How the Soviet Navy Would Have Fought World War III
Over the course of the Cold War, the balance of forces between the North Atlantic Treaty Organization and the Soviet Union changed dramatically. At different points, a war would have played out in far different ways in the major theaters, including Central Europe, the Arctic, the North Atlantic, the... Read more
Georgy Zhukov’s Close Call With Stalin’s Killers
Beginning in 1936, Soviet dictator Joseph Stalin set about deliberately murdering 700,000 people in the Great Purge, an act of mass killing that “constituted a form of rule” unto itself, as Stalin biographer Stephen Kotkin explained. The armed forces were not spared. The purges swept through the officer corps,... Read more
The Nuclear-War Tank Came at Exactly the Wrong Time
This story originally appeared on Oct. 9, 2016. In a war that never happened, formations of heavy and rather odd-looking Soviet tanks would have powered through atomic explosions in breakthrough attacks into West Germany. Enter the Object 279 tank, a curious oddity from the late 1950s which was obsolete — despite its... Read more
In 1979, Soviet Troops Were in Cuba … And Americans Were Terrified
In the fall of 1979, a furor erupted in the United States over the discovery of Soviet combat troops in Cuba. Scarcely remembered today, it was an episode of the Cold War that seemed like a very big deal at the time, so much so that it prompted U.S.... Read more
After the AK-47, Mikhail Kalashnikov Pushed an Automatic Pistol
In the late 1940s, Mikhail Kalashnikov — the Russian gun-designer behind the then-new AK-47 assault rifle — produced an automatic handgun called the APK. Busy completing the AK-47, Kalashnikov reportedly lacked the time to truly refine the APK. In the end, the Red Army preferred Igor Stechkin’s own APS... Read more
Soviet Admirals Shunned Stalin’s Favorite Battlecruiser
The Soviet navy was not in great shape at the onset of the German invasion on June 22, 1941. Stalin had decimated the ranks of the naval officer corps, which greatly complicated planning, and the invasion forced many warship projects to a halt. The Soviets envisioned one of these... Read more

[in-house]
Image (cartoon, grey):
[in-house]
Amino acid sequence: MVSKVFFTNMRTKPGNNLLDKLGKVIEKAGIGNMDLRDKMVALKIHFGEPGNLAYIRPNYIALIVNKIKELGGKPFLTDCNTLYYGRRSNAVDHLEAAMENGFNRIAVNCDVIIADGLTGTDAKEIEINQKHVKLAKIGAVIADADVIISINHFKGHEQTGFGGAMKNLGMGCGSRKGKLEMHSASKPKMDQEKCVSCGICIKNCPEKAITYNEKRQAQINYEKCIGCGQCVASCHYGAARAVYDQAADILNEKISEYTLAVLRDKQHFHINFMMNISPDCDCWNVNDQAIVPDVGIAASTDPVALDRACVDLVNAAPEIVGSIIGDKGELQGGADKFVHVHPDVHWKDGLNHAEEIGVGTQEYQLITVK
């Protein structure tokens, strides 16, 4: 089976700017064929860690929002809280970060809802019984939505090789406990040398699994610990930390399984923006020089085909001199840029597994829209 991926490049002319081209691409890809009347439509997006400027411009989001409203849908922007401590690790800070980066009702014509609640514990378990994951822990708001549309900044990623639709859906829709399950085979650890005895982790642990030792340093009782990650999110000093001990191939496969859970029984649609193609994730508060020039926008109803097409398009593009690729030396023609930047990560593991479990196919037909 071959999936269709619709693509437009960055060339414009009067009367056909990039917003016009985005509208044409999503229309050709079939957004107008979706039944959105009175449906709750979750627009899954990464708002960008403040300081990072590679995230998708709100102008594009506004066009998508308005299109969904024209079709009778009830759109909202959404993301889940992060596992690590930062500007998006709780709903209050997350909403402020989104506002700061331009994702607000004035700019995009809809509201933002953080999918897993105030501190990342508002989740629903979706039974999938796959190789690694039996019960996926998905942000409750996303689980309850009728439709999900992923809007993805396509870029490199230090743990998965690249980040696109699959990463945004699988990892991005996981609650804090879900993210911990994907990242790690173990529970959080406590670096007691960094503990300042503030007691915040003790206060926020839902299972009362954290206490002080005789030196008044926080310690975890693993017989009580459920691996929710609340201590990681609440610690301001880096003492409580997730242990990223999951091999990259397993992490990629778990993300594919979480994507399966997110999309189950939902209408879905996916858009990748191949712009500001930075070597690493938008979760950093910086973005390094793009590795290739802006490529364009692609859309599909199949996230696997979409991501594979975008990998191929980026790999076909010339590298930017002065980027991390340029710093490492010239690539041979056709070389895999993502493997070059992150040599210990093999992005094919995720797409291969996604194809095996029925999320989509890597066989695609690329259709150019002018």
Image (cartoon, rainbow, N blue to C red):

So You Want to Be a Soviet Navy Political Officer
The term “Soviet political officer” aboard a warship during the Cold War conjures up images of an iron-willed dogmatist — in the style of The Hunt for Red October — at odds with the military officers entrusted with running a ship at sea. In reality, the job wasn’t that... Read more
Coffee, Tea or Mach 3—Would You Like to Fly in a MiG-25 Business Jet?
This story originally appeared on April 3, 2014. The Soviet MiG-25 Foxbat was many things. An interceptor, reconnaissance aircraft and a fast, high-altitude, record-setting bogeyman that scared the pants off Western air forces in the 1970s. But a MiG-25 business jet? Coffee, tea or vodka served by an Aeroflot... Read more
The Soviet Cruiser ‘Kaganovich’ Navigated Political Purges
In 1938, the Soviet Navy laid down the Kaganovich, the fifth of six Kirov-class cruisers. Survivors of World War II, the Kirovs were responsible for mine-laying operations in the Baltic Sea and escorting troop ships reinforcing the besieged Black Sea port city of Sevastopol. The cruisers represented the Soviet... Read more
The United States Is Making the Soviet Union’s Mistakes
Jump into your time machine and let me transport you back to another age. It’s May 2001 and the Atlantic Monthly has just arrived in the mail. I’m tantalized by the cover article. “Russia is finished,” the magazine announces. The subtitle minces no words: “The unstoppable descent into social... Read more
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